BAUER COLLEGE SENIOR JAXON JOHNSTON’S VIEWS ON LEADERSHIP WERE TRANSFORMED IN A CLASS LED BY C. T. BAUER PROFESSOR OF LEADERSHIP AND MANAGEMENT LEANNE ATWATER.
She has really helped to bring out leadership traits I never thought I had in myself.
BAUER COLLEGE SENIOR JAXON JOHNSTON
ON PROFESSOR LEANNE ATWATER
MANAGEMENT PROFESSOR INSPIRES FRATERNITY STUDENT LEADER
Bauer College senior Jaxon Johnston remembers what he once thought leadership was, and it didn’t much appeal to him.
“I thought it was about putting on a show,” he says, about “trying to get others to do what you wanted them to do,” by keeping up a facade.
Being a student in C. T. Bauer Professor of Leadership and Management Leanne Atwater’s class on leadership, an elective the finance major had selected without much expectation, turned out to be a critical moment in his own development as a leader.
Everything he thought he knew about leadership was turned on its head by Atwater’s approach, which she outlines in her book, “Applied Leadership Development: Nine Elements of Leadership Mastery” co-authored with business executive Al Bolea. The book, which combines research with real-world insights, heavily informs the class.
“The things she said took leadership from being something very focused on how you should act around others, for their sake, and put it back to you and how you conduct yourself,” Johnston said. “There was a lot of self-reflection and change as I was taking the course as far as who I was being and who I wanted to be.”
Johnston was so impacted by the course, he decided to major in both finance and management, and began thinking about what he was learning and how it might apply to the executive leadership in his fraternity, Delta Upsilon. He decided to do an independent study project with Atwater, designing and delivering a leadership course to give to fraternity officers after getting approval from several levels of the organization. It was a course he wished he’d had when he was a fraternity vice president.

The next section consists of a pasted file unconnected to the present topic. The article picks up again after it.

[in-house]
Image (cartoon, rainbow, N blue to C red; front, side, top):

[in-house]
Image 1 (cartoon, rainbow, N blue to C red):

“We had a problem with members not wanting to participate,” Johnston said. “I was constantly preaching about it, but I wasn’t giving them any reason to do what I wanted. I was missing events myself. I wasn’t illustrating being a good leader. I was just talking, and there was no reason to follow, because they didn’t see my behavior aligning with my words.”
Johnston believes he could have acted much more effectively knowing what he does now.
“She (Atwater) has really helped to bring out leadership traits I never thought I had in myself.”
The process of getting his idea heard and accepted by fraternity hierarchy was itself a learning experience. “I had to lead a change in the chapter,” he says.
Johnston’s independent study process includes taking an assessment of leadership skills before and after participants take the course. He hopes to take the 10-week curriculum to other Greek organizations on campus and elsewhere.
His post-graduate plans are still in flux as he finishes up a very busy final semester, but whatever he does, Johnston will be taking what he learned in Atwater’s class with him.
“If I could make a career out of teaching leadership, that would be a dream come true for me,” Johnston said.